So cliched, but so lickably good…sweet and sour shrimp. A pool of glistening orange shrimp half moons, crunchy in some places, mushy in others, and fat and plumpy with that deadly addictive sticky sweet and sour sauce. I don’t know why sweet and sour sauce doesn’t feature more often in my life. It really should. Maybe because it makes me super happy -> dreamy -> distracted -> lazy -> droopy -> mushy brain -> unproductive. But honestly, I think productivity is overrated. Here’s to oodles more sweet and sour sauce for all of us. And a ton of unfinished blog posts because I’m too fat and blubbery with sticky sauce to get around to doing anything useful. But at least I’d be happy. And happiness is King.
A garlicky soy heap of Mandarin chicken. This is one of those dishes that doesn’t need to make the table unless you’re really pushing for additional ways to stuff your face with the same sort of garlic-soy concoction that gets used in a bunch of other dishes. As a food blogger, it’s safe to say that I am always pushing…but for the rest of the normal dining public, this baby ain’t anything that exceptional that it’d rock your taste buds.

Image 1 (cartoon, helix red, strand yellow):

The token plates of veggie fried noodles and chicken fried rice. I didn’t really give them too much importance, not because they weren’t yummy, but because the Peking Duck landed on the table right after and temporarily obliterated everything else.
See those crispy glazed chocolatey brown sheets of duck skin skirting the meat…THAT is what you’re looking for. Those caramelized bits of skin on chunks of fatty duck meat are Works of Gluttonous Art. Slop them on those thin pancakes, with a few slivers of cucumber and scallion, and some thick pastey hoisin sauce. And now you know why ugly duckling had a happy ending after all.
Now here’s a first for me, a plate of duck bones left over from the Peking Duck.
Crispy crunchy, charred brown in those bone crevices, with little bits of duck meat still clinging to the edges if you nibble closely enough. You gotta love the Chinese for maxing out on every part of the duck. If I behaved like a dog at the table, that plate of duck bones was the reason why.
I feel proud that we ordered a healthy veggie dish for the table – asparagus with oyster sauce. Super fresh, very lightly cooked tender stalks of asparagus. Mommy would be so proud of me, leafy green brownie points. YAAAY TO US.
…aaaaaand back to the real macho carnivorous baddies on the table…look at this monster.
Fried fresh crab, basking under fake Hawaiinesque palm trees with carrot leaves and grape tops. [out-of-place?/ charming?/ disturbing?/ shut it and feed me the crab will ya?]. They’ll give you the option of fresh or frozen, but fresh is the only way to go. This beauty was cooked up in a salty black bean sauce, with soft gooey crab meat falling off the shell. Even the tiny black beans had sucked up the juices and become little salty juicy pellets of soy sauced flavor.